Should I invest my money or buy a life insurance policy instead? + MORE Feb 8th

Insurance policy getting you down? There are always sound insurance alternatives.
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3 Odd Insurance Claims that Have Actually Been Filed Apr 21st

When mishaps occur, you want your insurance company to help. But,  what about when the claim sounds too good to be true? From a slippery slip and fall to a plane dropping blue ice over Canada, here’s a look at a few of the oddest claims filed. What’s the worst that could happen, right? 1. This.... More »
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MORTGAGE 101: Understanding Different Mortgage Options + MORE Mar 28th

To new buyers, the real estate market can appear intimidating with jargon like amortization, mortgage insurance, fixed vs variable and so on. Here are some of the key terms and mortgage types you’ll encounter when shopping for your home loan. What is a Mortgage? A mortgage is a loan offered by fi.... More »
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3 rules for maximizing charitable donations in your will + MORE Apr 13th

Q. We are preparing our wills and have been advised that charitable donations are credited at 100% in the year of death, and can be used to reduce or eliminate the amount of tax owed for that year. How do we word this in our will so our executor understands our wishes, especially when they may not k.... More »
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What to Do After Your Identity is Stolen? Apr 17th

Identity theft is a global crime where your personal or financial information is stolen to commit fraud in your name. It leads to severe financial and legal struggles. Identity thieves look for any of the following information: Full name Social insurance number (SIN) Driver’s license number Home.... More »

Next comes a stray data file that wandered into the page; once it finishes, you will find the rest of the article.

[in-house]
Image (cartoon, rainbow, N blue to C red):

Q: My wife and I are both 40 and have two kids—ages 5 and 7. We are considering buying a joint last-to-die life insurance policy that would cost a fixed $7,105 per year for ten years. That’s a total of $71,050 and the policy would pay $500,000 when the last of us dies. This is a proposition from our advisor after we have made our retirement plan. We have concluded that we have enough savings to retire at 55 with a very comfortable nest egg made up of TFSAs, RRSPs, and defined benefit pension plans, as well as money in non-registered investments.
We do not have any debts except a remaining mortgage of $95,734. We also have life insurance and disability insurance with our employer that would cover our needs if one of us were to die or could not work anymore. The goal of this joint last-to-die policy would be to transfer money tax- free in the future as all other needs are covered either by our savings or our employee benefits.
I am wondering if buying this policy is really a good move and if the cost of this product is reasonable? We can afford the cost without changing our lifestyle but our advisor is not independent so the policy would be sold by its institution and that’s what makes me wary…

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Q. My wife and I are retired, in our late 60s. With interest rates expected to continue rising for the next year or two, and bond funds making almost no gains or even losing value in recent years, I have been considering converting the fixed income portion of our portfolio to GICs.  Would this be a good strategy? — Frank

A. GICs get little respect, and that’s a shame because these humble investments can play a useful role in a balanced portfolio. Frank, your strategy for substituting GICs for bond funds is an excellent one, albeit with a few caveats.

First, we’ll consider the benefits. GICs offer significantly higher yields than government bonds of the same maturity. At the time of writing, five-year Government of Canada bonds were yielding about 1.9%, while you didn’t have to look far to find five-year GICs paying as much as 3.6%.

Normally more yield means more risk, but because most GICs are backed for up to $100,000 by the Canadian Deposit Insurance Corporation (CDIC), a Crown corporation, they don’t carry any more risk than a federal bond…

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